Remember that many water features, when not properly maintained, can be a breeding ground for mosquitoes. To deter that, be sure the water is moving or aerated, because mosquitoes prefer stagnant water. You can also add mosquito dunks to your water. These contain an organic, natural bacterium that only kills mosquito and black fly larvae; so they’re safe for wildlife.

Although certain species of fish, like goldfish and mosquito fish (Gambusia affinins), eat mosquito larvae, they also eat the eggs and larvae of beneficial species like dragonflies and frogs. Because of this, adding fish to your pond isn't recommended if your goal is to foster local wildlife.10,11

  • Choose insect-repelling plants for your garden. Research is mixed on whether plants with insect-repelling properties help control mosquito populations. But they might offer some protection, so as you design your garden spaces, consider adding plants such as citronella, lantana, geranium, basil, mint, and thyme to your beds.12

Prevent bites inside your home

Insects know no boundaries, so take steps to prevent bugs from entering your home.

  • Be sure windows and doors are in good repair. Cover gaps and cracks around windows and doors. If you keep your windows open, then repair or replace window and door screens so mosquitoes and other insects can't enter through holes in the screens.2
  • Protect your pets. Ticks are often carried indoors on pets. Once inside your home, a tick can attach to the people and animals that live with you. To protect your human and animal family members from tickborne diseases, regularly check your pets for ticks. Your veterinarian can tell you which tick prevention products are suitable for your animals.4
  • Keep lights off near screened windows and open doors. Bugs are attracted to the light and some are small enough to get through mesh screens and collect on and around your favorite lamp.

 Dress for prevention

Knowledge is power. Do some research to learn which types of mosquitoes, ticks, and other insects are common to your area. Know how to identify them, and learn about their habits and habitats. Then use what you know to your advantage. Try to stay indoors when insects are most active, and avoid areas where they are most common.3,13 If you can't or don't want to avoid being outdoors, then choose clothing and skin products carefully.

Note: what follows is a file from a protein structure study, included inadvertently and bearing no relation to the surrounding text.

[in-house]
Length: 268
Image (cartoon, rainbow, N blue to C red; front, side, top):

• Wear appropriate clothing. To help prevent mosquito and tick bites, cover as much exposed skin as possible. Wear a shirt with long sleeves, pants, socks, and closed-toe shoes that cover most of your body. In tick-infested areas, tuck your shirt into your pants and your pants into your socks so ticks can't crawl under your clothes. Choose light-colored clothing so you can more easily see insects that land or are crawling on you.3,13
  • Use fragrance-free skin and laundry products. Perfumes and artificial scents can attract insects. To prevent bites and stings – especially from bees and wasps – opt for fragrance-free laundry products.3
  • Treat clothing and outdoor gear. Permethrin is an insect repellent and insecticide that is applied to clothing and outdoor gear – not skin. The active ingredient is derived from dried chrysanthemum flowers. Some sporting goods stores sell clothing pretreated with permethrin, which works effectively against mosquitoes, ticks, flies and chiggers.14

Insect repellents: A breakdown of the options

Regardless of your environment, insect repellents still offer the best protection against insect bites and the diseases they spread. Several types are available, including at least one plant-based compound. The most effective active ingredients for insect repellents include:

  • Diethyltoluamide (DEET) is a conventional, synthetic repellent that is heavily researched and widely available. At concentrations of 20-50 percent, DEET is effective against mosquitoes, ticks, and other biting insects for approximately 8-12 hours. Applied properly, DEET has a good safety record and has been tested stringently. DEET does have a strong odor and can cause skin irritation, and is not recommended for infants under two months old.1,15
  • Icaridin (formerly called picaridin) is a conventional, synthetic repellent developed in Europe that has been available in the United States for 10 years. At concentrations of 10-20 percent, icaridin offers the same protection against mosquitoes, ticks, and other biting insects as DEET. Unlike DEET, however, icaridin does not have a strong odor and is less likely to cause skin irritation.1,15